Gastric epithelial dysplasia: How clinicopathologic background relates to management

M. Rugge, G. Leandro, F. Farinati, F. Di Mario, F. Sonego, M. Cassaro, M. Guido, V. Ninfo

Research output: Contribution to journalArticlepeer-review

Abstract

Background. Gastric epithelial dysplasia (GED) in metaplastic mucosa is considered the most advanced preinvasive lesion in the multistep morphogenesis of intestinal-type gastric cancer (GC). The rate of GED's evolution into GC is still under debate and probably is related to pathologic and clinical parameters other than the dysplasia itself. The aim of this study was to evaluate whether clinical aspects (sex and age) and/or morphologic variables (GED grade, coexisting atrophic gastritis) are relevant to the outcome of dysplasia, with a view toward initiating the establishment of a rational follow-up protocol for practical GED management. Methods. Ninety-three patients harboring GED (G1: 56, G2:34, G3:18) were followed for more than 12 months according to a previously-agreed protocol. Regression, progression, or evolution into GC were detected for each grade of GED. Multivariate analysis was used hi check the independence of clinical and pathologic variables in the progression of GED into more severe dysplastic lesions and/or as risk factors for evolution into GC. Results. Age, male sex, GED grade and grade of coexisting atrophic gastritis proved independent risk factors for GED progression, with no significant interactions. Only GED grade (G2 and G3) was significantly associated with carcinomatous evolution. In G1- GED, age and the grade of coexisting atrophy proved to be independent risk factors for carcinomatous evolution. Conclusions. In G1-GED, more stringent follow-up should be recommended for older patients with coexisting high grade atrophic gastritis; stringent follow-up is always mandatory for G2-GED; and a surgical approach is justified in G3-GED.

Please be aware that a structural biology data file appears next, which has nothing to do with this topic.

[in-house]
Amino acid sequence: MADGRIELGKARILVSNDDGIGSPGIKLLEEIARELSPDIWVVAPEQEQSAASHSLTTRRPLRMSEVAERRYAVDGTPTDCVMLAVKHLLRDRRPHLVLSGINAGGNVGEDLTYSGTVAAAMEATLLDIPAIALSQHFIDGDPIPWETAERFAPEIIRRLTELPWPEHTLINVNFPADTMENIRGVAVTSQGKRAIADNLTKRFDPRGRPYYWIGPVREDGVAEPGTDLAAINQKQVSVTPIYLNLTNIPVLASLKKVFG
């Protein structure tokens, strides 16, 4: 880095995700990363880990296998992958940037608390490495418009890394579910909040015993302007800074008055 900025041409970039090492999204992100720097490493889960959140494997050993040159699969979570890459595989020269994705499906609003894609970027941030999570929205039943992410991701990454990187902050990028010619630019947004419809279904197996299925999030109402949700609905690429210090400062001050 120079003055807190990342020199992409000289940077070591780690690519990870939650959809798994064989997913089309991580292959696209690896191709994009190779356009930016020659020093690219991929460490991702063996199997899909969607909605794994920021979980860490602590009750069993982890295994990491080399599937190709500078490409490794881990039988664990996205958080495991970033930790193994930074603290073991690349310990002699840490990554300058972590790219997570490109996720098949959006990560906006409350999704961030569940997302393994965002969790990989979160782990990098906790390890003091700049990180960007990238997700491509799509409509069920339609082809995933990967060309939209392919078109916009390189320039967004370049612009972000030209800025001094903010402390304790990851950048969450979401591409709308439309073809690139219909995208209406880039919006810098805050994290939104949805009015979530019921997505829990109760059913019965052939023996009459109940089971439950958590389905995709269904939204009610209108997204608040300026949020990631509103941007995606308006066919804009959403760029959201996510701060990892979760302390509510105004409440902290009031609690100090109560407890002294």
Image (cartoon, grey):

Original languageEnglish
Pages (from-to)376-382
Number of pages7
JournalCancer
Volume76
Issue number3
DOIs
Publication statusPublished - 1995

Keywords

  • atrophic gastritis
  • dysplasia management
  • gastric dysplasia
  • Helicobacter pylori

ASJC Scopus subject areas

  • Cancer Research
  • Oncology

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